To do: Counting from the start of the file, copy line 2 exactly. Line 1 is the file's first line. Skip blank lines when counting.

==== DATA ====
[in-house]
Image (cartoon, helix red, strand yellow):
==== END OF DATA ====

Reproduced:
Image (cartoon, helix red, strand yellow):